US 3145246 A
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Description (OCR text may contain errors)
Aug. 18, 1954 H. M. AUGSBURGER 3,145,246
ELECTRIC HEATING MEANS AND METHOD FOR HEATING GLASS NEAR THE PERIMETER OF THE WORKING ZONE OF A GLASS FEEDER Original Filed May 14, 195? 2 Sheets-Sheet 1 r .f 11 lo 1e I/ 1/ 1 I/ y 7 1} -i g 1- EL 24 F ra uAc'Eze N 28%? i FIE-'5- INVENTOR. A'FD w: HERBERT M. AUGSBURGER AB BD DE+EA BY J. 2. NELSON LEONARD D. Sousmz' ATTORNEYS Aug. 18, 1964 Original Filed May 14, 1957 H. M. AUGSBURGER ELECTRIC HEATING MEANS AND METHOD FOR HEATING GLASS NEAR THE PERIMETER OF THE WORKING ZONE OF A GLASS FEEDER 2 Sheets-Sheet 2 INVENTOR. HERBERT M. AUGSBURGER J. R. NELSON LEONARD D. Souauza ATTORNEYS United Statcs Patent 3,145,246 ELECTRIC HEATING MEANS AND METHOD FOR HEATING GLASS NEAR THE PERIMETER 0F TEE WGRKRNG ZONE OF A GLASS FEEDER Herbert M. Augsburger, Sylvania, Ohio, assignor to Owens-Illinois Glass Company, a corporation of Ohio Original application May 14, 1957, Ser. No. 659,091. Divided and this application Apr. 28, 1960, Ser. No.
4 Claims. (Cl. 13-6) This invention relates to method and apparatus for conditioning molten glass received in a glass feeder working zone, and more particularly to heating the glass therein at an annular area near the periphery of the working zone by Joule effect of electric current passed between electrodes submerged in the glass in the working zone to maintain it at a uniform working temperature prior to delivery for further manufacture.
In the delivery of molten glass from the working zone of a glass feeder, it is desirable that the glass be of uniform temperature. It is particularly important that the glass be of uniform temperature in a horizontal plane near its point of withdrawal from the working zone.
This invention lends itself readily to use with a glass furnace in which the glass is'melted and refined therein and then channeled through a forehearth section of the feeder terminating in a bowl or feeder spout defining a working zone container where the glass is then withdrawn through one or more bottom orifices. However, it is contemplated by this invention that it may also be readily applied to a glass working zone of a feeder wherein the glass is withdrawn therefrom by a vacuum gathering ram apparatus, a hand gathering tool or an up-draw tube forming apparatus.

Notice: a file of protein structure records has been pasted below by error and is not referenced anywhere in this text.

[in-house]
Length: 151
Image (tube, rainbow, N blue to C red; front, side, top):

One of the main causes of non-uniform temperature in the glass in the working zone results from the conduction of'heat through the refractory walls of the Working zone container.
It is, therefore, an object of the present invention to apply heat to an annular area near the perimeter of the glass mass contained in the working zone by the Joule effect of electric current flowing between adjacent electrodes arranged circuitously at said perimeter area to counterbalance the heat loss by conduction and radiation through the Working zone container walls, and thereby maintain the glass mass at a uniform temperature.
Another object of the invention is to provide a method for accomplishing the aforesaid object by passing a main electric current through the glass mass between peripherally adjacent electrodes in the glass mass near the periphery of the working zone, and passing a minor or lesser amount of current through the glass between peripherally non-adjacent electrodes, the minor current flow being limited by having zero current flow between electrodes that are located substantially diametrically opposite each other.
The specific nature of this invention, as well as other objects and advantages thereof, will become apparent to those skilled in the art from the following detailed description, taken in conjunction with the annexed sheets of drawings on which, by way of preferred example only, are illustrated several embodiments of this invention.